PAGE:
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Kitley's Krypt:  How did you become involved with Texas Chainsaw Massacre 2?

 

Caroline Williams:  I was living in Dallas, and my agent notified me that I was up to read for TCM 2 in Austin.   Before it was my time to go in, I was sitting there listening inside the room.  Having read the script, I knew it was suppose to be very physical and not a lot of dialogue.  But yet, I wasn’t hearing anything coming from the room from all the other actresses in front of me.  The pages of script that I had received, the scene kicked off with her running and screaming down the hallway, and then barricading herself in the ice room.  I just thought that if I was going to stand out, I had to do something different.  I also thought that if the filmmakers were looking for athleticism, or physicality, that probably wasn’t coming across with everyone else.  So I went to the end of this long hallway, where all the other actresses are sitting up and down there.  I ran screaming full on, all the way to the audition room, busted through the door, pulled the chairs out from under Kit and Tobe and pushed the chairs under the door.  Then I played the scene.  I could see the look on their faces that they were impressed, and they liked that I gambled on them a little bit.  Later, talking to Tobe, one of the things that he said was that was the very moment that he knew I was the right girl.  He knew he wanted to wanted to hire someone from Texas, and from that moment he knew it was going to be me.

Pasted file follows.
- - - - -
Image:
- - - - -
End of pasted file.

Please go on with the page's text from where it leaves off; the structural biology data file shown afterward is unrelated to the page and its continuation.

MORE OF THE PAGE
KK:  Had you seen the original TCM before being cast?

 

CW:  I had saw the original in 1975, after a football game between Texas and Arkansas, in Austin.  I was dating an offensive guard for the Longhorns.  It was a memorable evening.

 

KK:  Did you enjoy it?

 

CW:  I liked it, but it was like being in a closet watching these murders taking place.  I never seen anything like it.  I had seen scary movie before, like The Exorcist.   So I had seen scary movies, but this was not anything like those.